Perceived risk is defined as consumer experiencing consequences or the amount of uncertainty in contemplating as particular purchase decision. (Cox and Rich, 1964). Similarly, Gronhaug, (1976); Newall, (1977); Upah, (1980) defined perceived risk as the potential of unfavorable consequences and the level of uncertainty in a purchasing situation. Stone and Gronhaug (1993) defined perceived risk increases psychological costs when feelings of discomfort occur in an individual. According to Walker and Johnson (2006), they stated that perceived risk has two main concerns. First is concerning the service delivery system’s technical performance or functional reliability; and second is concern on privacy and security. Functional or performance goals, psychological goals, or the means of money, time and effort invested to attain those goals may be regarded as the consequences (Park and Stoel, 2005).
There is certain risk that consumers will face when making online purchase. Shopping on the internet which is a new medium for consumers will be a challenge for them because shopping on the internet is relatively new and consumers have less experience with it (Monsuwe, Delleart and Ruyter, 2004). According to Sorce, Perotti and Widrick (2005), perception of convenience in the internet and its informative sources will positively affect good decision making for online shopping but the decision will be negatively influenced when there is high perceived risk. From the research of So, Wong and Sculli (2005), excessively worries of security from the perceived risk will lead a consumer to decide not to conduct web-shopping. When consumer’s perceived risk is lower, then their purchasing intention will be higher (Park and Stoel, 2005).
When purchasing occurs in an online environment especially for products such as apparels, it can’t be denied that consumers will have the feeling of unsecure regarding the product information and the actual material and color that they will receive by viewing the display in the website. This is also agreed by Park and Stoel (2005), clothing such as skirts and sweaters are high risk items where size, color and fit matters to the consumer. According to Burke, (2002); Parasuraman and Zinkhan, (2002), in internet shopping, there will be risk involved, privacy, security, visual appeal, delivery terms, form of payment and product information. Besides that, quality of a product cannot be physically checked by the consumers and the security of sending sensitive personal and financial information while conducting online shopping cannot be monitored by the consumers (Lee and Turban, 2001). For apparel shoppers, they should use the internet to search for extra information to reduce risk in decision making because of they are unable to try on the garment (Park and Stoel, 2005). Attitude towards security transaction such as payment security, consumer information privacy, return policy, and product shipping guarantee predicts online purchasing intentions for apparels product (Kim and Kim, 2003).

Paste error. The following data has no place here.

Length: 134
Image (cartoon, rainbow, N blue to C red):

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Perceived risk is expected to be more distinct in online shopping compared to offline shopping. Perceived risk in online shopping can be reduced in terms of appropriate description the product. To reduce risk, product information and its description should be clearly stated as well as the store policies (Kwon, 1991). Internet marketers must also create trust with online buyers so to lower the buyer’s perceived risk. There is an important moderating effect on trust with the relationship between consumers’ attitude toward Internet shopping and intention to shop online (Monsuwe, Dellaeart and Ruyter, 2004).